Another 2018 study, this one published in Forensic Science International, tested a variety of CBD vape liquids and found a dangerous synthetic cannabinoid called 5F-ADB (a Schedule-1 controlled substance). Some of the CBD products also contained dextromethorphan, a widely abused cough medicine.
In a preliminary study from researchers at the Children's National Hospital in Washington D.C., the efficacy of pharmaceutical-grade CBD — a formula of the compound that has received FDA-approval — was compared against that of artisanal CBD as a treatment method for epilepsy in children and teenagers. The researchers found that artisanal preparations of CBD were far less effective at preventing seizures than the regulated kind.
The findings will be presented at the American Academy of Neurology's 72nd Annual Meeting in Toronto, Canada, which takes place from April 25 to May 1, 2020.
Artisinal versus pharmaceutical
In the study, the medical charts of 31 children and teens, the average age being 10 years old, all diagnosed with a form of epilepsy, were followed for an average age of one year. Within the study group, 22 of the 31 subjects were being administered pharmaceutical-grade CBD, while nine were taking artisanal CBD.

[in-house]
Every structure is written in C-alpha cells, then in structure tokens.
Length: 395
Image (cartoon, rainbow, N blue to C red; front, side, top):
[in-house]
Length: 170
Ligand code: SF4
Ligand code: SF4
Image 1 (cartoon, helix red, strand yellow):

When their medical history was reviewed, the researchers found that the children and teens who relied on only artisanal CBD displayed a massive 70 percent increase in seizures during the study. It is not known why this increase occurred.
Meanwhile, the patients who used CBD that was pharmaceutically produced had a 39 percent reduction in seizure frequency.
Another stark difference between the groups was their blood levels of CBD: Those taking pharmaceutical CBD had an average level of 124 nanograms per milliliter (ng/mL) of CBD in their blood. This compares to just 31 ng/mL for those taking artisanal CBD.